Arab states pledged $12 billion in investment aid to Egypt Friday as President Abdel Fattah al-Sisi hosted a conference aimed at jump-starting the economy and positioning himself as a key force against jihadists.
The United States, however, came empty handed to the conference at the Red Sea resort town of Sharm el-Sheikh, with US Secretary of State John Kerry only affirming that Washington stood beside Egypt as it seeks to recover from years of turmoil.
In a rather short speech, a visibly irritated Kerry who was slotted as the 15th speaker at the opening session of the three-day conference, promised Washington's "full commitment" for the security and prosperity of Egyptians which he said they "desire and deserve."
Kuwait, the United Arab Emirates and Saudi Arabia pledged $4 billion each at the start of the conference (a total of 11.4 billion euros).
Most of the funds will be invested in projects while $3 billion will be deposited in Egypt's Central Bank.
Kerry, who earlier met Sisi and the leaders of Jordan and the Palestinian Authority, told businessmen that Washington was "eager and ready and willing" to help Egypt's economic development.
But a US diplomat travelling with him said there had been "no decision" on freeing up $650 million in military aid frozen during the height of a crackdown on Sisi's Islamist opponents that left hundreds dead.
Washington had released some of the aid, including the delivery of Apache helicopters Egypt says are important for its fight against Islamist insurgents in the Sinai Peninsula.
- 'Cornerstone of stability' -
Opening the conference, Sisi said that investing in Egypt -- the Arab world's most populous country -- would help stabilise the entire region.
Egypt's stability "is a cornerstone in regional stability," he said.
The former army chief, who won elections after toppling Islamist president Mohamed Morsi in 2013, has been criticised for unleashing a crackdown on Morsi's supporters.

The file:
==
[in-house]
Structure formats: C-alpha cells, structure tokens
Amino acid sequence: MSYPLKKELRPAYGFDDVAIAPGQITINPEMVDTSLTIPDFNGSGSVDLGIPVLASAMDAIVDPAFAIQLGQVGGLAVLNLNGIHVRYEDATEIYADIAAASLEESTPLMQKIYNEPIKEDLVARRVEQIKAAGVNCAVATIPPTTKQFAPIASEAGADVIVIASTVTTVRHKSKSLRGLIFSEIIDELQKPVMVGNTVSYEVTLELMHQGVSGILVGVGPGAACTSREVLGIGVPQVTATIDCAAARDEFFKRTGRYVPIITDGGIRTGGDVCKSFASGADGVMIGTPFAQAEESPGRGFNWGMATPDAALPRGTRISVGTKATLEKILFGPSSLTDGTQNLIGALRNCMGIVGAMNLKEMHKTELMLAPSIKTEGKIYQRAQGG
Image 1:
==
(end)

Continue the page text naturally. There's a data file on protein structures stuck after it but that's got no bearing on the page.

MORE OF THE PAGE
He has portrayed his Islamist opposition as no different from radical militants such as the Islamic State group, which has affiliates in Sinai and Egypt's neighbour Libya.
"Egypt presents a model for Arab civilisation," Sisi said on Friday.
"A country that rejects violence and terrorism and extremism, a country that strengthens regional stability and peace."
Restoring the economy and attracting foreign investments have been key tenets of Sisi's presidency, with this week's conference already marked down as a milestone by his government.
In one of the biggest deals expected at the conference, British Petroleum is to sign a $12 billion agreement -- shared with its Russian partner DEA -- to develop Egyptian gas fields .
Conference consultant Richard Attias told AFP that "more than 30 projects will be unveiled, which can attract billions of dollars of investment."
GE unveiled plans to set up a $200 million training and manufacturing facility in the canal city of Suez.
"For Egypt this is not an economic event, but rather a political one," a Western diplomat told AFP.
Following his ousting of Morsi -- the country's first democratically elected leader -- Sisi faced criticism abroad for a crackdown on dissent.
- 'Put Egypt back on the map' -
Representatives from about 100 countries and international organisations are attending the event, giving the conference a firm diplomatic push in a bid to strengthen Sisi's international status.
"The aim is to put Egypt back on the map of international investment, and send a message to the world that the country is safe and attractive," International Cooperation Minister Naglaa al-Ahwani said.
"They particularly want to return Egypt to the headlines in a positive way," said Aaron Reese, a researcher at the Washington-based Institute For The Study of War.
Projects in energy, transport, industry, telecommunications and housing will be offered for investment.
Minister of Housing Mustafa Kamel Madbuli unveiled plans to build a new administrative and business capital between Cairo and the canal city of Suez.
"The idea to build the new city originated from our awareness that Cairo's current population will double in the next 40 years," Madbuli said Friday in a presentation showcasing the details.
Madbuli said the new city would have large green spaces and provide a better standard of living.
It will also have "an international airport, a theme park four times bigger than Disneyland in California, 90 square kilometres of solar farms, and an electric train" to link with Cairo, he added.
Parliament, presidential palaces, government ministries and foreign embassies would move to the new metropolis, the minister said, adding these projects would be executed over the next five to seven years at a cost of $45 billion (42.9 billion euros).
The overall cost of the new city was not revealed, nor were details on how it would be funded.